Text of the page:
The Massachusetts Coalition for Occupational Health and Safety, or simply MassCOSH, is a Boston-based organization striving to improve work place safety, security and health throughout the state. The team collaborates with unions, legal and health professionals and community groups to voice and address issues faced by vulnerable communities in their work places. MassCOSH Executive Director, Marcy Goldstein-Gelb describes the organization’s focus areas for action and echoes the shared vision of worker welfare with Boston Global Forum.
In the summer 2006, tragedy stuck busy downtown Boston when a scaffold plunged from a building onto the congested road below. Falling with the three-ton structure were two workers who did not survive the impact. The heap of steel and material also crushed one of the many cars below, killing a young doctor who worked close by. The loss of life was widely covered by the media, with the Boston Globe noting that there was going to be a “hunt for answers” by state leaders to prevent such workplace deaths from ever happening again.
However, when Yogambigai Pasupathipillai was killed in August while working at aMalden bakery, there was no “hunt” by state leaders or reporters swarming to the scene. Unless you were a family member mourning such a devastating loss, you probably never even knew about the accident at all.
Yogambigai became yet another victim to an epidemic that silently claims the lives of hundreds of thousands of people every year – workplace fatalities. Here inMassachusetts, the Massachusetts Coalition for Occupational Safety and Health, or MassCOSH, a nonprofit worker safety organization, has found that, on average, a worker dies on the job each week due to dangerous conditions and hundreds more suffer from serious illnesses due to a work-related exposure that robs them of their health and vitality. When these events and exposures occur, families and co-workers mourn, but it rarely makes the papers. When the media does notice, it is often referred to as a freak accident, not a preventable incident worthy of a “hunt for answers”.
Here at MassCOSH, where workers and families contact us each day with horror stories of poor conditions, debilitating injuries and threats of retaliation for reporting an injury, we double down our efforts to ensure every worker has the right to a safe, secure job. At every level of our communities – from workers, to employers, to government enforcement agencies to elected officials, we all have an obligation to end tragic and nearly always preventable job injuries, illnesses and death.
At MassCOSH, we believe state policymakers can literally be lifesavers if they have a vehicle for gathering stories of workplace accidents and analyzing what can be done to prevent them from happening again. Here in Massachusetts, we are fortunate to have a nationally recognized state Occupational Health Surveillance Program within the Department of Public Health which is dedicated to doing just that. Unfortunately, they are grossly underfunded, depending primarily on federal grants, and the critical data they collect is not analyzed with the same public scrutiny the way our state budget line items and gambling forecasts are.
At MassCOSH we work hard to bring forward the stories of workers , issue reports combining state and federal data to educate elected officials, and alert the community to the needless workplace deaths that plague our state so that we can have a collaborative approach to creating policies that save lives. A recent success of this strategy was the 2010 passage of a state ban of a deadly floor finisher, the first in the nation. For over a year, MassCOSH convened a task force to investigate a highly combustible floor finisher that killed three workers in massive blazes and caused home fires across the state. The stories and data were irrefutable: the product was unnecessary and caused harm to workers and home-owners. Without a united front of workers, data, and allies, the fatal product might still be in use today. Instead the Patrick Administration and elected officials headed the MassCOSH task force’s warnings and banned the product.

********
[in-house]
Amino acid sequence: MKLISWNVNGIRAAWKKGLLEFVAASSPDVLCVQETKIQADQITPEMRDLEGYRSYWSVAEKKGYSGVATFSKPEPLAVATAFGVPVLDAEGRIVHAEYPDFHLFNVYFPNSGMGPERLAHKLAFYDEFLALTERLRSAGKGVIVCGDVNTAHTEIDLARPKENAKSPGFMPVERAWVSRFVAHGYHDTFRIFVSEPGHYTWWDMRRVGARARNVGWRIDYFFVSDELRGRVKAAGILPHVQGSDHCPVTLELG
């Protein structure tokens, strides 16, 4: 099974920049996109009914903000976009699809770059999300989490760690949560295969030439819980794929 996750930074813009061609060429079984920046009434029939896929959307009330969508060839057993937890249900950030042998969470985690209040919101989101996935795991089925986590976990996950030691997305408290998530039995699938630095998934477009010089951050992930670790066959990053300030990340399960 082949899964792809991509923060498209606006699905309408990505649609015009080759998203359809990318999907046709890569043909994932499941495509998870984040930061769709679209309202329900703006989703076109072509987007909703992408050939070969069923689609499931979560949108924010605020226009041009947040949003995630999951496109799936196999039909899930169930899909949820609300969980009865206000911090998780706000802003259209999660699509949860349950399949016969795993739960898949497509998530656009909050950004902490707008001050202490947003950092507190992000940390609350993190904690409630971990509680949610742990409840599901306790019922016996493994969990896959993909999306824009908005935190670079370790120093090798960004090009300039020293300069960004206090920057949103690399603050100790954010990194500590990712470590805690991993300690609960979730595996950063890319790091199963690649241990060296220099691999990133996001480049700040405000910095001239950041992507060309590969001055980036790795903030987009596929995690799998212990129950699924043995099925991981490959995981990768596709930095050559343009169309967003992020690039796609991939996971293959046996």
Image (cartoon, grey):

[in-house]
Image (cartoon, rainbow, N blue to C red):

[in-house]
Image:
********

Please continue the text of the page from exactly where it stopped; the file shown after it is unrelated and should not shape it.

While MassCOSH works hard to gather stories and data to impact change, we are a small organization with tightly stretched resources. With a staff of just eight, we operate an immigrant worker center that helps thousands of the very lowest wage workers address dire conditions from labor trafficking to wage theft to life-threatening conditions. Our youth program engages a team of 15 teen leaders in leading health and safety trainings for over 500 other teenage workers in communities of color each year. Our healthy schools initiative helps eliminate environmental hazards in schools that contribute to asthma. We also ensure that not a day goes by without an effort to educate the public that together, we can make workplace fatalities a thing of the past.
By partnering with the Boston Global Forum, MassCOSH’s impact can be magnified substantially. BGF’s dynamic network of talented, concerned and well-networked individuals can lend some strategic muscle to uphill legislative battles and help MassCOSH grow in size and influence. MassCOSH could particularly benefit from an expanded pool of business allies who see regulations as life-savers and not needless and expensive excess that would only “hurt profits.” Together, we can and will save lives.